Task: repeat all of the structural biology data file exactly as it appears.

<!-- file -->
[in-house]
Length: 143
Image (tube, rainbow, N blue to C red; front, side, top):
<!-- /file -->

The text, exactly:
[in-house]
Length: 143
Image (tube, rainbow, N blue to C red; front, side, top):